In previous post, we discussed about how to work with remotes in Git at command line. In this post, we are going to discuss how we can do the same from the very comforts of Visual Studio while we continue to host our source code on the GitHub. While it’s true that there is no command or built-in option available in Visual Studio to connect to GitHub, we can leverage one of the extensions available for GitHub.
Install GitHub Extension for Visual Studio
To search for this extension, let’s open Visual Studio first. From the tool bar menu, select Tools and then click on the ‘Extensions and Updates’:
Continue reading “Working with remotes in Git, GitHub and Visual Studio”
Many a times, you would need to identify the difference in database schema for two SQL databases so that you can take certain course of action. There are a lot of tools in market which can do this, but you would need to pay for them to get full difference or to use them on continuous basis. However, Microsoft Visual Studio has this functionality built-in for you and if you happen to use Visual Studio as your code development tool, this functionality is basically free. So in this scenario, it also prevents hassle of learning another tool. In this blog post, we’ll learn how to do the same using Visual Studio.
Caution – I am going to demo this Visual Studio Enterprise. I’m not sure what all sku’s it is associated with, so if you cannot repeat steps below, you might want to check that. Continue reading “Compare SQL Database Schema and deploy changes using Visual Studio”
The combination of technical and cultural processes behind databases makes automation difficult. Databases has a state associated with them, so you cannot blow them away like application code and create again from scratch without losing the data. Managing change in a way that doesn’t impact the data is very problematic. Combine that with the cultural issues, the silos, it creates a really difficult problem. There are some general best practices that you can apply to tackle a lot of this complexity, but any time you try to design the solution and get into the technicalities, a lot of time you end up implementing something very specific to a particular type of database. In this blog post, we’ll learn how to use SSDT to implement continuous integration and deployment for SQL database Schema to take some of these worries away.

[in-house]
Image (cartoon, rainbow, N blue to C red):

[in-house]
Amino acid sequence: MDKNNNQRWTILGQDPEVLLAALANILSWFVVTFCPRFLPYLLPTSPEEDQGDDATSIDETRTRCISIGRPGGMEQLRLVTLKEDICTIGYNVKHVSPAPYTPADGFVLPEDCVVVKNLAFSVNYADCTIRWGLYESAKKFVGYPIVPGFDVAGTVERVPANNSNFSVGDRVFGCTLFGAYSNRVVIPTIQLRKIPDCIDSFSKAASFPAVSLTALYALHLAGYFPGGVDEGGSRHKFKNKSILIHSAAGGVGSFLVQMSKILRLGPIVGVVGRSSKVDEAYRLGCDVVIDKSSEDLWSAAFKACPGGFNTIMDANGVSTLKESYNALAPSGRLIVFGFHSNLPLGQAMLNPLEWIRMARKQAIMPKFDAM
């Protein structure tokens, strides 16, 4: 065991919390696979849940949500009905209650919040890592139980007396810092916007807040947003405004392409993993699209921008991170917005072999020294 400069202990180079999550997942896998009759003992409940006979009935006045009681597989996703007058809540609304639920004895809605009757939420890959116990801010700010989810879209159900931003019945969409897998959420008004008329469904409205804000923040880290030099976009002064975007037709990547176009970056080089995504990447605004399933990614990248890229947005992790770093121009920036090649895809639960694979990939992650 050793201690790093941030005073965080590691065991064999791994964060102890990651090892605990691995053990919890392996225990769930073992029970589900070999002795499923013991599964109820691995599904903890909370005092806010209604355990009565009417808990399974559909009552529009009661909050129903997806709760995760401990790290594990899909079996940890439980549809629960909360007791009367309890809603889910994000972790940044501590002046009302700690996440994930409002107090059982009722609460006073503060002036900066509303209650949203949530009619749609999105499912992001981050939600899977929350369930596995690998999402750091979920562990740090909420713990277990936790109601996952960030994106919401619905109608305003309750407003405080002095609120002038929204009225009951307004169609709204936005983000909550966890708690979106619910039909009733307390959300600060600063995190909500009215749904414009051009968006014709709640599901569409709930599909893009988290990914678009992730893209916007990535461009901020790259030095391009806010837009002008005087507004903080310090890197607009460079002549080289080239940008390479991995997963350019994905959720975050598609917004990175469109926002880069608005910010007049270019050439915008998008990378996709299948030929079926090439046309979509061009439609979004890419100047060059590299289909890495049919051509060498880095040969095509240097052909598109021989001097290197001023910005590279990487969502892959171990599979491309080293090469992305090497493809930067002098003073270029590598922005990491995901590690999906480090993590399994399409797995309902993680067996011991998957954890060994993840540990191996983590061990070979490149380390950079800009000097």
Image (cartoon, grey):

Continue reading “Continuous Integration and Deployment for SQL Database using SSDT and VSTS”
In few of the previous blog posts, we discussed on what Azure ARM is and how it helps in the DevOps philosophy of Infrastructure-as-a-Code (IaaC). So we’ll build further on that knowledge. In this blog post, we’ll discuss how to create an Azure App service using ARM template.
We’ll be using Visual Studio 2017 for this post’s purpose. It is not necessary to use this, you can use just Visual Studio code and appropriate extension for ARM or you can use a simple notepad (as all ARM templates are JSON files in the end of the day) or any other editor of your choice. However, using Visual Studio 2017 further simplifies it. Continue reading “Create Azure App Service using Azure ARM and deploy using Visual Studio”
Visual Studio 2015 file comparison tool can be considered good enough for most of the use cases. Before learning how to compare files with Visual Studio, I used to use WinMerge, or another tool to compare. Not anymore of that!
What is still missing in the IDE is a small menu that allows us to select 2 files and compare them. From command line, you can do it with devenv.exe /diff which compares two files. It takes four parameters:
SourceFile, TargetFile, SourceDisplayName(optional), TargetDisplayName(optional) Continue reading “Compare files with Visual Studio”